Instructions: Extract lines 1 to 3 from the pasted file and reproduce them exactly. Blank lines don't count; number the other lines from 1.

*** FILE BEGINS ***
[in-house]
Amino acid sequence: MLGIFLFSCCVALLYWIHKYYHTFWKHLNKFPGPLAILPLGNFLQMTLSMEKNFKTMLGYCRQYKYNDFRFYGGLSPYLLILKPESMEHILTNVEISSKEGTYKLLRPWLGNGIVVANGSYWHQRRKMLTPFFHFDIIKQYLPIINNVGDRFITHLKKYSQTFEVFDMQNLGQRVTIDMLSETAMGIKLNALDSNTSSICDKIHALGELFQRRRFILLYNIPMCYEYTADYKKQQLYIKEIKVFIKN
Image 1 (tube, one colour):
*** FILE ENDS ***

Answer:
[in-house]
Amino acid sequence: MLGIFLFSCCVALLYWIHKYYHTFWKHLNKFPGPLAILPLGNFLQMTLSMEKNFKTMLGYCRQYKYNDFRFYGGLSPYLLILKPESMEHILTNVEISSKEGTYKLLRPWLGNGIVVANGSYWHQRRKMLTPFFHFDIIKQYLPIINNVGDRFITHLKKYSQTFEVFDMQNLGQRVTIDMLSETAMGIKLNALDSNTSSICDKIHALGELFQRRRFILLYNIPMCYEYTADYKKQQLYIKEIKVFIKN
Image 1 (tube, one colour):